Cut, copy, paste, and undo — they’re four of the most powerful and most commonly used commands in any application. If you’re typing, these are keyboard shortcuts you should know, both to save time and correct mistakes.
First, an important note: Most keyboards support the Ctrl/Control shortcuts that Windows uses. However, there are some exceptions. The Apple keyboard, for example, uses the Command key instead of Ctrl. You may have to change keyboard shortcuts in settings or get used to a slightly different layout if your keyboard is the odd man out.
Cut (Ctrl + X)
This shortcut key for cut has no alternative inputs (Shift + Delete was once a thing, but is now used for other commands). Note that cutting text will delete that text at the target location, but you can paste it multiple times in other areas since a version of that text remains stored on your clipboard. This is a great way to rearrange text in a report, or take a piece of information from one area and populate multiple forms with that same data.
Remember that Windows does not automatically keep a history of items on your clipboard. If you cut text and then cut a second piece of text, the first content will be lost. That is, unless you’re running one of the latest versions of Windows. The oft-delayed October 2018 update introduced an extended clipboard with history, so you can go back and re-paste something that was long-since replaced on the immediate clipboard.
Copy (Ctrl + C)
Alternatively, you can also use Ctrl + Insert. Insert is found on expanded keyboards that include number pads (usually on zero) or alongside the Home key, and may be a more useful option if you are dealing with a lot of numeric data and your fingers rarely leave the number pad.
As with cutting, if you aren’t running a recent version of Windows, make sure that you understand when someone is copied, it replaces whatever else was on your clipboard before.
Paste (Ctrl + V)
Alternatively, you can use Shift + Insert which again may be more useful if you spend a lot of time on the numeric keypad. The content will be pasted wherever your cursor is, so make sure you’ve picked the right spot. Remember that formatting and spacing frequently carry over with the text, which may lead to a couple of formatting issues when pasting into a new field or form. You can usually copy and paste an unformatted version of the text to help avoid these issues.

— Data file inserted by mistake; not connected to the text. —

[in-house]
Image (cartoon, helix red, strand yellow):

Undo (Ctrl + Z)
This will undo the last action you made in your document. If you were typing, it will remove the last section of text you typed without pausing, which could be fairly long. Most Windows applications support repeated undo commands, which means you can delete your last action, the one before that, and the one before that, and so on, as long as the history of your actions has been kept. Adobe Photoshop, for example, lets you do so by pressing Ctrl + Alt + Z.
Don’t rely on that functionality with every app though, as not all of them support it.
Extra tip on working between apps
Cut, copy, paste and undo tend to be universal across all operating system apps. In other words, the keyboard shortcuts do the same thing whether you are writing an email, filling out an Excel spreadsheet, or typing a document in Word.
Online forms and web apps are a bit more hit or miss: Many support these shortcuts, but it’s not quite guaranteed. A little experimentation may help when first working in a new app, just to see how these basic commands perform.
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